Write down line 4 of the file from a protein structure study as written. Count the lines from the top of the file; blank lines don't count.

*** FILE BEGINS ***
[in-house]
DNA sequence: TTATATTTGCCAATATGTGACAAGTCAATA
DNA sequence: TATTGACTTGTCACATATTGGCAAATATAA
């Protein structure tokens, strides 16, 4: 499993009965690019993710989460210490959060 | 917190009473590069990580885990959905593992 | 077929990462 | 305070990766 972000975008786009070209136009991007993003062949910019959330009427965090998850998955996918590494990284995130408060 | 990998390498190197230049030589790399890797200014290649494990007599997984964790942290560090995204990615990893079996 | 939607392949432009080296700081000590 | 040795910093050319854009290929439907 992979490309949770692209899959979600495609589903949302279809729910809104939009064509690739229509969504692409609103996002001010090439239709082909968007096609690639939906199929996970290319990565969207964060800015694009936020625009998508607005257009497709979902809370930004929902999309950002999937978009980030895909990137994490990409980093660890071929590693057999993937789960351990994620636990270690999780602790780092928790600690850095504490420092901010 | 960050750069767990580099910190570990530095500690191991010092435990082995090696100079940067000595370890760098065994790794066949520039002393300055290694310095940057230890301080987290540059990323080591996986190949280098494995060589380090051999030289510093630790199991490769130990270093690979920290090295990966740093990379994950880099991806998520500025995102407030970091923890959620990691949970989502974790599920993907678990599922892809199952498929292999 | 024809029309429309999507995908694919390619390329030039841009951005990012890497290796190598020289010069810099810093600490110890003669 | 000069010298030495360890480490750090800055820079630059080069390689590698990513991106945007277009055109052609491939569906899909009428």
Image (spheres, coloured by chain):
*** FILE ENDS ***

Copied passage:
């Protein structure tokens, strides 16, 4: 499993009965690019993710989460210490959060 | 917190009473590069990580885990959905593992 | 077929990462 | 305070990766 972000975008786009070209136009991007993003062949910019959330009427965090998850998955996918590494990284995130408060 | 990998390498190197230049030589790399890797200014290649494990007599997984964790942290560090995204990615990893079996 | 939607392949432009080296700081000590 | 040795910093050319854009290929439907 992979490309949770692209899959979600495609589903949302279809729910809104939009064509690739229509969504692409609103996002001010090439239709082909968007096609690639939906199929996970290319990565969207964060800015694009936020625009998508607005257009497709979902809370930004929902999309950002999937978009980030895909990137994490990409980093660890071929590693057999993937789960351990994620636990270690999780602790780092928790600690850095504490420092901010 | 960050750069767990580099910190570990530095500690191991010092435990082995090696100079940067000595370890760098065994790794066949520039002393300055290694310095940057230890301080987290540059990323080591996986190949280098494995060589380090051999030289510093630790199991490769130990270093690979920290090295990966740093990379994950880099991806998520500025995102407030970091923890959620990691949970989502974790599920993907678990599922892809199952498929292999 | 024809029309429309999507995908694919390619390329030039841009951005990012890497290796190598020289010069810099810093600490110890003669 | 000069010298030495360890480490750090800055820079630059080069390689590698990513991106945007277009055109052609491939569906899909009428």